Monday, January 12, 2015

In Harm's Way

Copyright 1965 Signa Productions
I watched In Harm's Way (IMDB) last night. It is about the aftermath of Pearl Harbor. Famous at the time for the rape scene between Kirk Douglas and Jill Hayworth it was also the last black and while movie made staring John Wayne. It is also long by the standard of today's movies - some 2 hours and 40 minutes.

What struck me was the prewar social scene in the Navy. The movie opens with a dance at the Officers' Club attended by a large group of people. They are all smoking and drinking and dancing to big band music. By the time I became an officer these gatherings were long gone (if they ever existed outside the movies.) The Officers' Clubs had become quite seedy and sparely attended. Events, if any were rare. The "dirty shirt bar" (the Officers' Club where one could arrive in working uniform direct from your ship or the docks) were the on base hangout for the junior officers. Most, however, preferred to go off base to drink.

The situation is today's military is quite different. Pretty much all of the Officers' Clubs, the Chiefs' Clubs, the Acey Deucey Clubs (for first and second class petty officers) have been shut down. We now have "all rank/rate" clubs (Seaman Recruit through Admiral) that are ghost towns. One can no longer smoke and drinking is not only frowned upon but is a good way to end one's career. With somewhere between 80% an 90% of members of the military married the last place you want to be at the end of the day is the gate where the traffic jams from everyone leaving base and going home are horrendous.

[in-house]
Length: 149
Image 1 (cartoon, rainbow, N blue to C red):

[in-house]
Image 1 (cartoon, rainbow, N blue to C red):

Central to the story line are three relationships: between (Admiral) John Wayne and (Lieutenant) Patricia Neal; between (Admiral) John Wayne and his son (Ensign) Brandon De Wilde; and the three way relationship between (Captain) Kirk Douglas, (Ensign) Brandon De Wilde, and (Ensign) Jill Hayworth. In today's military this is called "fraternization" and will get you in big trouble. Most military men now avoid relationships with military women as a simple accusation of harassment (without proof) is career ending even though statistically at least 40% of such accusations are false. Now officer - officer relationships are not strictly prohibited - only when they are contrary to "good order and discipline" but I am sure that a relationship between an Admiral and a Lieutenant or a Captain and an Ensign would be seriously frowned upon.

How the military world has changed...

Fair winds and following seas :)

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